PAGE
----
Immediately after the action, counter-terrorism adviser, John Bren- nan claimed at a White House briefing that Bin Laden was living in a “million-dollar-plus compound” and “hiding behind women who were put in front of him as a shield.”
But the next day this was exposed as a dastardly lie, when White House spokesman Jay Carney denied that the victim had used any woman as a shield. Besides, the Associated Press has since reported that “the four original plots of land that were joined to create the compound were bought for $48,000 in 2004 and 2005.”
Obama has rejected public demand to release the picture of Bin Laden’s corpse, which fuels the suspicion that out of sheer anger his killers had so mangled his body with bullets that its picture would not only ignite the wrath of Muslims but also the loathing of all fair-minded people.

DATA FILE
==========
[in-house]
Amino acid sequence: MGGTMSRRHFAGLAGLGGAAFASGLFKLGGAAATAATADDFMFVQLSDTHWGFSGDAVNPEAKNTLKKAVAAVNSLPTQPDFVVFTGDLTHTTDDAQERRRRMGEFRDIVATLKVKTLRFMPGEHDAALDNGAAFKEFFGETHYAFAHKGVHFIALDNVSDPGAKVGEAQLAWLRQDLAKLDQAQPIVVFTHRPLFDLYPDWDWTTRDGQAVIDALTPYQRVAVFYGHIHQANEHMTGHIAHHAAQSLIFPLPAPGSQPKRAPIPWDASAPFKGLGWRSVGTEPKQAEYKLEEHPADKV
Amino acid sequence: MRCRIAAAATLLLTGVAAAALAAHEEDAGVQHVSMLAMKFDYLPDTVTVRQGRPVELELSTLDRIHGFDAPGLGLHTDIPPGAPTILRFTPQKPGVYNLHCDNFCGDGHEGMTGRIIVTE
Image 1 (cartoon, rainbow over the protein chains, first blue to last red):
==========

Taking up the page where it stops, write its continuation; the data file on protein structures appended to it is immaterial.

Obama is using the event as a PR scoop. His sagging stock has jumped up many points in the opinion polls. As another gimmick the White House released a photograph of the president and his aides in the situation room watching the action as it unfolded. But CIA director Leon Panetta revealed there was a 25 minute blackout during which the live feed from cameras mounted on the helmets of the U.S. Special Forces was cut off. And the whole operation took forty minutes.
So what was Obama watching? Meanwhile, as Bin laden’s body was being flown away, President Zardari was composing an op-ed piece for the Washington Post with voluble reassurance of his unflinching loyalty to the U.S. administration and people. It appeared on May 2.